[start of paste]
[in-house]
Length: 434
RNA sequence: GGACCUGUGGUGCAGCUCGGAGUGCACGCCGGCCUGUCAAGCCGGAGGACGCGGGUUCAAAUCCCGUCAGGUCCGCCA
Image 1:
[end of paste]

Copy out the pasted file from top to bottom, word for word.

[in-house]
Length: 434
RNA sequence: GGACCUGUGGUGCAGCUCGGAGUGCACGCCGGCCUGUCAAGCCGGAGGACGCGGGUUCAAAUCCCGUCAGGUCCGCCA
Image 1: